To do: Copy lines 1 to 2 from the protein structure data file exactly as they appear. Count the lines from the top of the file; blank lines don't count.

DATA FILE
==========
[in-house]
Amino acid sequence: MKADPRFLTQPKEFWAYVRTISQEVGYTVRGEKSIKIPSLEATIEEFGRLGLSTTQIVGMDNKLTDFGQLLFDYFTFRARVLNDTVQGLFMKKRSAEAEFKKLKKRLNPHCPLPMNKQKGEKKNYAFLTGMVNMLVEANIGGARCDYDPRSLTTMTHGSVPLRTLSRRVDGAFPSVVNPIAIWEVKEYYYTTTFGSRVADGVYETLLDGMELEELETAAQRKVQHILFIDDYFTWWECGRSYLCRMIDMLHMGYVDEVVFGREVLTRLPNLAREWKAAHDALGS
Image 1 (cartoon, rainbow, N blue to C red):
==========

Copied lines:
[in-house]
Amino acid sequence: MKADPRFLTQPKEFWAYVRTISQEVGYTVRGEKSIKIPSLEATIEEFGRLGLSTTQIVGMDNKLTDFGQLLFDYFTFRARVLNDTVQGLFMKKRSAEAEFKKLKKRLNPHCPLPMNKQKGEKKNYAFLTGMVNMLVEANIGGARCDYDPRSLTTMTHGSVPLRTLSRRVDGAFPSVVNPIAIWEVKEYYYTTTFGSRVADGVYETLLDGMELEELETAAQRKVQHILFIDDYFTWWECGRSYLCRMIDMLHMGYVDEVVFGREVLTRLPNLAREWKAAHDALGS